EXPLANATORY NOTE

 

REPORT OF THE SECRETARY GENERAL

ON

“U. S. DECISION TO IMPOSE UNILATERAL ECONOMIC SANCTIONS AGAINST SUDAN”

TO THE TWENTY-SIXTH SESSION OF THE ISLAMIC CONFERENCE OF FOREIGN MINISTERS

OUAGADOUGOU – BURKINA FASO, 28 JUNE – 1 JULY 1999

 

On November 3, 1997, the USA adopted a decision to impose an all out embargo on commercial and financial interaction with Sudan. The decision involves freezing Sudanese assets and properties in the USA; non importation or exportation of commodities or technology between the two countries; setting an embargo on US loans to Sudan as well as bank financing for the transport to transit goods. This may be construed as severance of economic relations between the two countries (Text of the decision attached).

2. In adopting its decision, the USA used as a pretext allegations on continuation by the Sudan Government to support terrorism, threaten neighbouring States, wage a civil war against its citizens in Southern Sudan, violate religious freedoms and repairing from taking measures to prevent alleged slavery in the Sudan.

3. The U.S. decision on economic boycott of the Sudan was not surprising, but was rather expected in the context of US pressure policies, especially following the failure of attempts to escalate collective sanctions against the Sudan through the Security Council, and judging from the US regard of Sudan’s welcome of investigation into allegations raised by Washington to justify the imposition of these sanctions.

4. The tempo of US hostility towards the Sudan kept rising which confirms the fact that its main objective is to destabilise the Sudan in the framework of a bigger design to lay siege and weaken the Islamic Ummah. The USA has previously undertaken the following measures against the Sudan:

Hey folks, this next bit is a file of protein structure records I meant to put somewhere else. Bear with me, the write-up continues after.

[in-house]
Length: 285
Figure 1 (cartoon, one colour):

1. Since 1990 the US government has stopped all credits it used to extend to the Sudan.
  2. On 18 August 1993, the US government decided to include the Sudan in the list of what it describes as states sponsoring international terrorism.
  3. The US decision followed a series of US pressure policies, decisions and practices which also affected other Islamic States, such as the Islamic Republic of Iran and the libyan Jamahiriya. The policy of imposing sanctions against States and peoples has become an essential feature of US policy through which it seeks to undermine the freedom, sovereignty and honour of these states in order to weaken them and force them to bow down.
  4. On 11 June 1997, the US congress adopted a decision to abolish any exception that allows the Sudan to trade or transfer funds between the latter and the USA.

5. The Government of the Sudan is of the view that the real reason behind the current US hostile policy towards the Sudan is the latter’s upholding the independence of its political and sovereignty decision, and its option of the Islamic way as the course of the Islamic Ummah and a system for both rule and life; and also the success of the policy of the Sudanese government to address the current problems of the Sudan, foremost among which is the war in Southern Sudan, through direct negotiation with the parties to the conflict. In this context success has been achieved through the signing of the Khartoum and Fashoda peace agreements in 1997 with same rebellious factions.